In Science today: “Raw Personal Data: Providing Access”
I’m thrilled to report the publication in Science today of “Raw Personal Data: Providing Access“, a Policy Forum opinion piece by Jeantine Lunshof, George Church, and Barbara Prainsack. As the ethics advisor to the Personal Genome Project, Jeantine, along with George, has pioneered our “open consent” model for public data sharing. With this piece, Lunshof et al. address the topic of sharing data with participants themselves. They advocate that participants deserve access to raw data in any research and clinical setting, to establish fairness and reciprocity in research and any other context where data are handed over.
This vision is very much in line with the Personal Genome Project’s work since 2005, and more recently with our public comments on the NIH draft Genomic Data Sharing Policy last November and our recently funded Open Humans Network. Data relevant to understanding human health and biology is often very personal, very identifiable, and – as a result – difficult to share. Participant-mediated data sharing is a way to enable open human data.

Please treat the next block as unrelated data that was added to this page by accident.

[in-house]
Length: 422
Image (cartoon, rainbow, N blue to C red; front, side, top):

As Lunshof, Church, and Prainsack point out, modern information technology should facilitate data sharing with participants. It is understandable that such a model has been impractical in the past, but the technology is now ready. To make it a reality, we need to see our expectations change regarding how research studies should operate.
Lunshof et al. make a careful distinction between “access to data” and “return of findings” – the first is the raw research data alone, while the latter involves interpretation of that data (a process sometimes requiring instrument certification or clinical expertise). Their piece challenges researchers to treat access to raw research data as a separate issue from its interpretation; they call for researchers to grant raw data access and thereby promote participant agency, establishing a more fair and reciprocal relationship.